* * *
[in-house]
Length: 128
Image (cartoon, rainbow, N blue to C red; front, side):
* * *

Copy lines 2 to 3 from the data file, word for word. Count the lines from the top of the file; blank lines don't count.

Length: 128
Image (cartoon, rainbow, N blue to C red; front, side):